Almost three million visas were granted by the Home Office in 2022, a figure that represents an 11% slide on the numbers for 2019. Of these, 37% qualified as either study or work visas, meaning that the large majority of 2022’s visas were given to holidaymakers, refugees, and for “other” types of immigration routes. Of course, things aren’t quite that simple. As far as visas are concerned, there are categories within categories, including several new ones.
The High Potential Individual Visa
One of these fresh routes to the UK is the High Potential Individual (HPI) visa. Designed to attract foreign nationals with valuable skills to the UK, an HPI visa is a cornerstone of the country’s new immigration system, which now considers applicants on a quantitive or points-based scheme. The HPI visa was created to increase the attractiveness of the UK in the wake of its separation from the European Union.
A High Potential Individual visa is similar to a skilled worker visa, another new route to the UK that was introduced in 2020. The Reiss Edwards website indicates that a Skilled Worker visa allows stays from people with a minimum work-based qualification equivalent to A-Level. It permits residence of up to five years. In contrast, HPI visa allows people who have recently gained an academic qualification (like a degree, master’s, or doctorate) to either look for a job or start employment in the country.
As far as eligibility is concerned, individuals on an HPI visa need to have graduated within five years before applying and have a degree from a qualifying university. For 2022, the number of institutions on the latter list was forty. UK universities are not eligible on the HPI visa scheme but high-ranking American colleges like Harvard, Stanford, and Johns Hopkins University are included, alongside a handful of others around the world.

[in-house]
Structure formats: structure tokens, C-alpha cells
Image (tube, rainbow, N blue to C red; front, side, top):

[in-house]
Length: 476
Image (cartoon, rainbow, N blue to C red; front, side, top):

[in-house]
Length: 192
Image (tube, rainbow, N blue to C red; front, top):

Inevitably, there are a few more must-haves before a person can be granted a High Potential Individual visa. These include financial stipulations. For instance, hopefuls must have had a minimum of £1,270 in their bank account for the 28 days prior to their form submission date. Also, a £715 application fee, £210 to validate a qualification (via Ecctis), and a £624 health surcharge must also be paid.
Overall, recipients of an HPI visa may have to either own or part with around £3,000, which makes the scheme rather expensive, especially when monies for accommodation and travel are added on top. That still isn’t everything though. Applicants must be able to prove their competence in English if they’re not from an English-speaking nation. This is done either with a Secure English Language Test or evidence of a qualification taught in English.
Since its creation, the High Potential Individual visa has been well-received. However, it does have a number of drawbacks that foreign nationals should be aware of. For one, it’s a temporary thing. Recipients of an HPI visa will have to leave the UK once the terms of their stay have expired. Unfortunately, this means that it’s unlikely to be popular with people wanting to start a new life and/or career in the country.
In summary, similar to the skilled worker visa, an HPI visa provides an opportunity for the highly educated to find work in a new country. For more information on qualifying universities, visit the Gov.UK website. Alternatively, read our article about the UK’s points-based immigration system by clicking here.